- Company law and GAAP require proper accounting records:

- Do your records comply?

- Do you need to get closer to your records?

- Executives have to state that adequate internal controls exist -are yours adequate?

- Do you communicate adequately with your auditors?

- Is your corporate governance adequate and robust?

- Some proposed strategies or tactics might well be unethical, if not illegal - how do you check compliance?

Revision and learning pointers

You are probably well aware of the difficulty in defining what is ethical. The questions below might be useful as a 'test' of your own and your colleagues' views on what is ethical. How ethical are you?

How would you respond to the situations outlined below - using the scoring system below?

1 A utility company reviews and ups the monthly direct debit payments from customers (at a time of no significant wholesale energy price changes). When challenged by a few customers, the company spokesman replies: 'Oh, it is all right - if you have overpaid it will be refunded at the time of the annual reconciliation.'

2 A bank sales team member suggests that a customer take out

a new loan, consolidating the new loan with an existing one to give a lower total monthly payment. The customer accepts the offer. On completion of the process the bank then charges a cancellation penalty on the old loan (which is a standard term in the loan documentation) - this was not highlighted at the time of the offer.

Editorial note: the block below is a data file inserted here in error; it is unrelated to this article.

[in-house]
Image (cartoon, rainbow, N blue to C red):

3 A railway company has lost customers paying first-class fares due to the recession and now more so with politicians' virtuous behaviour. It has responded by changing its first-class offering to 'standard premier' (at a cost of £10 more than the previous first-class equivalent) so that those banned from travelling first class still can. The fare is marketed as a standard fare but with the benefit of travelling in first class with free meals.

4 A bank was one of the first companies to experiment with reducing interest payments for customers who had fallen behind, in order to keep them from losing their homes. Customers were encouraged to enter into a 'trial' mortgage modification programme that reduced their payments, only to find out later that they had been denied a permanent modification and owed more money than they would have done if they had not entered the programme. The loan modification application stated that borrowers were liable for past due amounts, including unpaid interest, if they were denied a permanent modification. Late fees were to be waived if permanent modifications were granted.

If we give a mark of 4 for ethical down to 1 for unethical, how did you do? I scored 4, but is this too pious a view?

These are all real cases and I have found that generally only questions 2 and 4 get a majority unethical vote. Conclusion: ethics is a difficult topic to pin down precisely.

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